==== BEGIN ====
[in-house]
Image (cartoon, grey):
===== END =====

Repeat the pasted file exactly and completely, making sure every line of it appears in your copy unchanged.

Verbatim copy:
[in-house]
Image (cartoon, grey):